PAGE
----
Mat 222 Week 3 Assignment

Real World Radical Formulas
Problem 103 on page 605 of the textbook; Elementary and Intermediate Algebra, shows us the following problem:
Sailboat stability. To be considered safe for ocean sailing, the capsize screening value C should be less than 2. For a boat with a beam (or width) b in feet and displacement d in pounds, C is determined by the function C=4d-13   b. (Dugopolski, 2012).
It instructs us to solve the problem in 3 different ways using the following figure:
a) Find the capsize screening value for the Tartan 4100, which has a displacement of 23,245 pounds and a beam of 13.5 feet.
b) Solve this formula for d.
c) The accompanying graph shows C in terms of d for the Tartan 4100 (b = 13.5). For what displacement is the Tartan 4100 safe for ocean sailing? (Dugopolski, 2012).
A. Using the equation C = 4d-1/3b,
Determine C, given that b = 13.5 and d = 23245.
C = 4 x 23245-1/3 x 13.5
Since negative exponents are the same as the reciprocal value of the expression, the equation can be re-written as:
C = (4 x 13.5) / 232451/3
Fractional exponents can be written in radical form as x1/y is equivalent to y√x, the expression now becomes:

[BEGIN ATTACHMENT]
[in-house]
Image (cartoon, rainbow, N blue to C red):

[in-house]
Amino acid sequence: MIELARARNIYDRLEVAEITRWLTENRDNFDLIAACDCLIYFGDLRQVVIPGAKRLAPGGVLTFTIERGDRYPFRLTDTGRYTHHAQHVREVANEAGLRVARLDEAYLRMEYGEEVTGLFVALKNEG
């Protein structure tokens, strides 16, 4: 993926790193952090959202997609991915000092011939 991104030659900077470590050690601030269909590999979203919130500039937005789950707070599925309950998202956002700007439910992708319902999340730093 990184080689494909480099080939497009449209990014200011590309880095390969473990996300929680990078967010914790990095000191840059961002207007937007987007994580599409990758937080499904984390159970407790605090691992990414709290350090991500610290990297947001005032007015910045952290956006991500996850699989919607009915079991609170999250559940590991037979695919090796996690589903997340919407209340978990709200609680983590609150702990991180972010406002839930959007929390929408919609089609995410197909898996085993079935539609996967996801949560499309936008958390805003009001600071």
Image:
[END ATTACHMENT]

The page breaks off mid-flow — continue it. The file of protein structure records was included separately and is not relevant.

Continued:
C = 54 / 3√23245
Taking the cube root of the denominator leaves:
C = 54 / 28.539
C = 1.892
B. Solving for d:
Starting with the equation C = 4d-1/3b, place the exponent expression d1/3 into the denominator since d-1/3 is the equivalent of 1/ d1/3   which is the same as the radical expression 1/ 3√d. Now the expression is:
C = 4b/3√d
Solving for d by multiplying both sides by the radical 3√d and the variable 1/C gives the following:
C3√d = 4b
3√d = 4b/C
Raising expressions on by sides by an exponent of 3 will remove d from the cube root radical expression and leaves the final result:
d = (4b/C) 3
C. The graphical display of C for the sail boat crosses the 2.0 value at a displacement of 20,000 pounds. Any displacement greater than 20,000 will give a C value of less than 2.0 and would meet the capsizing criteria....